The digital economy is changing - and fast

    (This article was first published on The Mandarin.)

The digital economy is changing the way Australians interact, connect and transact, and is one and the same as the broader economy, says Australia Post’s Rebecca Burrows.

“It’s not just online purchases,” says Burrows, General Manager Segment Development & Marketing, Business & Government at Australia Post.

“It’s checking your email, using social media, using public transport cards that you might now top up online but you used to go to a booth to do, paying bills, doing banking, using mobile apps, all of those things that we do when we’re on the move – Australians are embracing the digital economy, maybe without even knowing that they are.”

Australians are well-known as early adopters of technology and our increasing use of digital services presents both challenges and opportunities to businesses.

For one thing, power has shifted to the consumer, who is demanding choice and convenience in every interaction they have, both in the product space where they want to be able to shop around online and compare prices and offers and also in the way they access services, says Burrows.

Switching electricity companies, for instance, used to involve phone calls and filling out and mailing paper forms. Now, consumers want to do all of this quickly and simply online.

“You see a customer or a business set the bar in terms of an experience, and then all the businesses the customer uses have to quickly follow that,” says Burrows. Where one company offers personalisation, its competitors have to follow; or if a business promises speedy deliveries, others will have to match the promise.

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A single-touch digital experience

In fact, consumers are comparing services across categories, asking why their bank can’t provide the same sort of seamless customer experience they get when the use Uber to book and pay for a ride, or why interacting with their phone and internet provider should be any more difficult than managing their flights and frequent flyer points.

Expectations of customer service have also changed. Where in the past a customer might make a phone call about a problem and allow the business to quickly and quietly sort it out, many customers’ first point of call today is on social media, airing their complaint for everyone to see. It means that businesses need whole new strategies around how to respond to social media and how they handle those complaints in a very public forum.

Customers also want a ‘tell-me-once, single-touch’ digital experience, where they put in their details and preferences once and can get the personalised experience across a range of services.

Users of My Post, for example, can store delivery address and preferences for Australia Post’s parcel services and then use that same information to open a post office box. “That’s the sort of tell-me-once, single-touch digital experience that we’re sort of thinking through and working on,” says Burrows.

“Obviously, most businesses that are operating in that digital economy are trying to build out those same type of experiences.”

A new way to manage identity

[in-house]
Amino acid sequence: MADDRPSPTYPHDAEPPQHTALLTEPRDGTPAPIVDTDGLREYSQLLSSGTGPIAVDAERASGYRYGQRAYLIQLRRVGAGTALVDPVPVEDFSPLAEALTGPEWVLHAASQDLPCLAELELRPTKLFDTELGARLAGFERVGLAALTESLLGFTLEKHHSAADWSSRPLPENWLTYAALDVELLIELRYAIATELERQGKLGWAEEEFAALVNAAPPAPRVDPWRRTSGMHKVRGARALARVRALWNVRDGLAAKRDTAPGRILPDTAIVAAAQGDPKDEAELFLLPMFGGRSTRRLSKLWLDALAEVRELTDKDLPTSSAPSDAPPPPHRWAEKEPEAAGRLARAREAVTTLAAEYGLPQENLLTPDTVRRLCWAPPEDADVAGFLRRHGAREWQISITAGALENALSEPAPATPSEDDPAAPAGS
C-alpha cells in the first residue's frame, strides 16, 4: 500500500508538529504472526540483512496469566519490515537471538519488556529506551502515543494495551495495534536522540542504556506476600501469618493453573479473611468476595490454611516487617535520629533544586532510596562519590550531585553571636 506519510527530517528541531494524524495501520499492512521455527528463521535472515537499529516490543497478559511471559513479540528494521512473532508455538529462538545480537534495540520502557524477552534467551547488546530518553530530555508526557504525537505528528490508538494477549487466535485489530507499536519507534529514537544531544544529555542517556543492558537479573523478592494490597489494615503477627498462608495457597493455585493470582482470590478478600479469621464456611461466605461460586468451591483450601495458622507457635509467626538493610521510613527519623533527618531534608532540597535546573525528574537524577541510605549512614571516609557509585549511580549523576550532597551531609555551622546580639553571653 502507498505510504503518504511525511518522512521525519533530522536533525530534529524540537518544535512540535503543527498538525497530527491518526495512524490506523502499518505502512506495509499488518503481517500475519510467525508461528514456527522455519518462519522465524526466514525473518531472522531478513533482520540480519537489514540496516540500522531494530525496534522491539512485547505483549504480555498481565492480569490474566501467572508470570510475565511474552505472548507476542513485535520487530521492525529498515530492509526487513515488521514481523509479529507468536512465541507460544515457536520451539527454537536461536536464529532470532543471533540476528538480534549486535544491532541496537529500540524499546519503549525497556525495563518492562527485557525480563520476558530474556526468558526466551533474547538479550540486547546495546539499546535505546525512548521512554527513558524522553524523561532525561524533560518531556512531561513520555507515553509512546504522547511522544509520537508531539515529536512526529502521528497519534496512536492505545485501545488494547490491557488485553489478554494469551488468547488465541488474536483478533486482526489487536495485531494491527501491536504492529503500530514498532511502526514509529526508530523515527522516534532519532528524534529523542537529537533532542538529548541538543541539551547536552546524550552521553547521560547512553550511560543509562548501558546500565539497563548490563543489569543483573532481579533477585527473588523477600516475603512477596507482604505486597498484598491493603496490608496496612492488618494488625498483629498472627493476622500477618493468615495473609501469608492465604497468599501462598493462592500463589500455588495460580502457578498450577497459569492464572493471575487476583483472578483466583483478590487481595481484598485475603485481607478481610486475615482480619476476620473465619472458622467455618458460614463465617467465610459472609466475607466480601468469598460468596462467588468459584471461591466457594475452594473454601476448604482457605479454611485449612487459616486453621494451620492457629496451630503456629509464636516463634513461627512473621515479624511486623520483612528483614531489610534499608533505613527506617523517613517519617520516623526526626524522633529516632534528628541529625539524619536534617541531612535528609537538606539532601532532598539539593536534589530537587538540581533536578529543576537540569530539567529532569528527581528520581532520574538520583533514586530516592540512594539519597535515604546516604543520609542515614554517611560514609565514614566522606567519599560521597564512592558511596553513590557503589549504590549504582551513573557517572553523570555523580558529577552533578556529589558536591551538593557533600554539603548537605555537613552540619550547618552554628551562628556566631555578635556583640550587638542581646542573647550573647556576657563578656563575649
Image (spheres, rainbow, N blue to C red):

Australia Post’s Digital iD™ allows customers to verify their identity digitally and use it across a range of entities outside of Australia Post.

Australia’s largest credit union CUA is trialling Digital iD to verify new customers’ details online in minutes, instead of requiring them to come into a branch and fill out forms to open an account.

“We’ve actually enabled them to provide that really trusted experience for those customers,” says Burrows.
Importantly, those Digital iD™ customers who want to open an account in a branch still have the option of doing so.

Along with the convenience of a one-touch experience, consumers also want to know that their data and personal details are safe.

“Trust is a really key enabler of the digital economy,” says Burrows, adding that. “Consumers and businesses need to feel their data is in safe hands. One of our great benefits at Post is having such a trusted brand and that kind of accessibility that we provide.”

A choice of payment options

Burrows says that to truly compete in the digital economy, businesses also need to offer their customers the choice and convenience of a range of payment options.

Australia Post’s multichannel payments offer provides the choice and convenience to both the customer making the payment and the merchant receiving the payment, says Burrows. It draws on its network of more than 4000 retail outlets, as well as its digital expertise, to offer the choice of making payments for bills or eCommerce in-store, online or in-app.

Australia Post has for years helped merchants to accept payments through our payment gateways, SecurePay and POLi payments, and has recently added more options.

When transacting online, consumers don’t want to go to another site to pay. Instead, they want the payment to happen seamlessly, almost in the background.

“Through the establishment of AlphaCommerceHub, merchants can integrate once into our platform and access a range of payment and alternative payment choices, including Visa Checkout, POLi, Android Pay, Apple Pay, Samsung Pay and Alipay,” says Burrows.

“These are often unique services offered by different providers and requiring individual integrations which can be expensive and time consuming. Once integrated, the business has a single point of access from which to simply choose which services it wants to consume and provide to its customers, as well as tools to monitor and manage those services through a central dashboard and web portal.”

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